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January 12, 2011 
Honey and Vinegar

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Life Pieces To Masterpieces executive director and co-founder Mary Brown is a fixture at local non-profit events and a serial winner of leadership awards. We asked her about the high success rate of her organization, which works to improve the lives and attitudes of DC males through art, as well as a bittersweet year and what makes her a Washingtonian of the Year.
Life Pieces to Masterpieces executive director and co-founder Mary Brown
Mary describes 2010 "like honey and vinegar." The non-profit doubled its funding from local government but was left in a bind when payments came months late. The cash flow issues contributed to a $50K budget gap. In October, Life Pieces to Masterpieces launched a "Back in the Black" campaign, and community members came out of the woodwork to donate and volunteer. The organization then went to banks and foundations to match the money and was able to end the year with $70K in unplanned dollars. Mary says the biggest lessons of the year were to develop robust reserves and ask local banks for increased lines of credit when you're expecting government grants. "Keep your eye on the prize," Mary adds. "Life Pieces may have to change strategy depending on funding, but we never waiver in terms of commitment."
Life Pieces to Masterpieces executive director and co-founder Mary Brown
Life Pieces to Masterpieces notes that 100% of its students have graduated high school over the past five years. She credits a large part of that to the program's planning and assessment process, which includes a never ending cycle of re-imagination. Whereas innovation gets pushed to the side at some organizations when times are tough, Mary says, "We've always done so much with so little, so we've always done creative thinking." In the coming year, Life Pieces finalizing a character development curriculum that graduates of its program can share in local schools. Mary tells us it's also researching the possibility of opening a charter school.
Life Pieces to Masterpieces executive director and co-founder Mary Brown
Here's Mary with non-profit leaders honored in 2009 with the Meyer Foundation's prestigious Exponent Award. More recently, she was named one of Washingtonian Magazine's Washingtonians of the Year. We asked her to put modesty aside and tell us her strengths as a leader: "I really care, and I really believe in the good of humanity." Mary also says she tries to constantly be listening to the heartbeat of your organization. At least once per week, she helps out in the homework center or participates in "circle time," where the students get together to reflect on the day. Though it's easy for grassroots organizations to get distracted, she says it's critical to stay connected to the core.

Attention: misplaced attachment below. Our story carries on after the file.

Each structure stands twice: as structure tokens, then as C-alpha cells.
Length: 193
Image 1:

Need a Community Needs Assesment?
Ijay Consulting CEO Inga James
A community needs assessment (which is just that—an assessment of your community's needs) may not sound sexy, but it can be critical in strategic planning, program development, and outreach to policymakers. We dropped by the Center for Nonprofit Advancement to get some tips on the subject from Ijay Consulting CEO and Brighter Strategies principal Inga James, who's worked with the non-profit sector for 25 years. She says one of the first steps is to put together a committee of people from within the organization and externally interested in reaping the benefits of the assessment. She suggests thinking outside the box when it comes to potential partners, especially in the business community. Too often non-profits don't see themselves as part of the business community or think to partner with companies, she says. The committee is responsible for identifying the goals of the assessment and developing a timeline. A short assessment is about six months and a more thorough one can take a year.
Ijay Consulting CEO Inga James
The assessment also needs a data collection strategy. For quantitative data, there's a plethora of information available through government agencies, universities, hospitals, and fellow non-profits. In addition, organizations should also look at community opinions, knowledge, and attitudes. During a community needs assessment for the Morehouse School of Medicine in Atlanta, Inga recalls that many in the minority population she interviewed knew almost nothing about hepatitis despite its widespread prevelance. In fact, many thought hepatitis was a "white person problem" mainly because of Pamela Anderson, who has been open about having the disease. The views discovered in those interviews helped the institution discover a gap in its outreach. But Inga says that interviews or focus groups or surveys are not silver bullets by themselves. "None of these as a standalone are going to tell you what you need to know. You have to triangulate and use more than one."
Send story ideas to reporter Jessica Sidman, jessica@bisnow.com.
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